The New Deal and the West.
By Richard Lowitt. University of Oklahoma Press, 1993. Illustrations. Bibliography. Index. 283 pages. $14.95. Softcover. Buy this book from Amazon.com
Reviewed by Jeffrey D. Shorn, AIA; Architect and Professor of Art and Architectural History, author of The History of Architecture: A Summary, 1982.
The New Deal and the West, Richard Lowitt’s clear, well researched analysis of how and why the New Deal benefitted the American West, is a well conceived and articulate book. He explores the impact of New Deal programs and agencies, not only on the people of the West, but also on the natural resources and the resultant economic benefits to both. Lowitt’s West focuses on the Great Plains, the Rocky Mountains, the Great Basin, the Pacific Northwest, and, of course, California from 1932 to 1940.
He begins by discussing Franklin D. Roosevelt’s interest in the West, while campaigning for the presidency in 1932, and proceeds to discuss the economic conditions of the area during the drought and depression years of 1933-1934. In subsequent chapters, we are introduced to important topics on how New Deal programs and agencies helped Great Plains farmers, how the Taylor Grazing Act protected federal range land, and how new policies regarding Native Americans would attempt to rectify earlier ones, which had not provided restoration of Native American identity.
A major part of the book deals with the federal government’s support for water development. The chapter on the Columbia river Basin and two chapters on water and land development in California are significant. The construction of the five largest concrete dams in the world, which supplied water for irrigated farming and cheap power for industry, was a major step leading to the modernization of the West.
Lowitt examines the politics and jurisdictional competition between two major Federal government departments, Interior and Agriculture, which administered most of the programs designed to revitalize the West’s economy. Harold L. Ickes, Secretary of the Interior, and Henry A. Wallace, Secretary of Agriculture, competed with one another for control of the West. In the end, Ickes controlled most of the projects dealing with grazing and water west of the Rockies, while Wallace had greater control over planning east of the Rockies.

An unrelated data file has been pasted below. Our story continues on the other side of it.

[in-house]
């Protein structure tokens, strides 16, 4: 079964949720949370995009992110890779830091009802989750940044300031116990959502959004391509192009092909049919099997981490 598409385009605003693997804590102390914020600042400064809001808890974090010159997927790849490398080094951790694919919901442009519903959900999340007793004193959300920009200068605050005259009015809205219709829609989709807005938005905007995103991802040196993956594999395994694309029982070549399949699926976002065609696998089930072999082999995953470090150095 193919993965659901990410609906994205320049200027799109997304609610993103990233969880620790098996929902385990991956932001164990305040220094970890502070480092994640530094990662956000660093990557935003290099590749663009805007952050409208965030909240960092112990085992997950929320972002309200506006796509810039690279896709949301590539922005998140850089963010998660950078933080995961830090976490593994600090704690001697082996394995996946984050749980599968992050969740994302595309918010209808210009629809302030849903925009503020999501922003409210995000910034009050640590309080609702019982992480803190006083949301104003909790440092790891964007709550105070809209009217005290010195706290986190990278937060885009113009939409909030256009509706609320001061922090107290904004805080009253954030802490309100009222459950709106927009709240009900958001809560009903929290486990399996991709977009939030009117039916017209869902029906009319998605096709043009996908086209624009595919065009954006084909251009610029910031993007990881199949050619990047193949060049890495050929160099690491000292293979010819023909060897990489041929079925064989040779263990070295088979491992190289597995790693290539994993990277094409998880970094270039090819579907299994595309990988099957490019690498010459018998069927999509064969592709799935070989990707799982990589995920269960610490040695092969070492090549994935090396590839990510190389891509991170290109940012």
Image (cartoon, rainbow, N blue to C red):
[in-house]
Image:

California, always an independently minded state, tried to solve its own problems. It didn’t always support the federal programs, which were to benefit the State. California, dependent on migratory farm laborers, was reluctant to support the Wagner Act, the NIRA, or any federal relief programs. In spite of this, the state benefitted a great deal from other programs, including irrigation, tunnel, bridge, and canal construction. San Diego benefitted from some of these water projects, but is never mentioned in the text. From our perspective today, it was these very projects which paved the way and made the development of contemporary California possible.
Late in the New Deal, the mounting crisis in Europe gave Roosevelt an excuse to redirect his focus away from the West and its ever growing political controversies and resentments, which developed and began to undermine the social programs of the New Deal.
If there is a criticism of the work, it is the author’s unbalanced concentration of the Pacific Coast and the Great Plains. The states of Utah, Idaho, Nevada, and Wyoming receive short shrift, in spite of having a huge percentage of federal land and the great legislative support they gave Roosevelt. There is also little mention of the other types of projects, be they architectural or artistic in nature, beyond dams, which benefitted from the New Deal.
The Twentieth Century American West, an emerging area of study, will gain immensely from this clearly written and well researched book. Readers will find it to be good reading and an excellent historic resource of an important period in the development of the Western United States.
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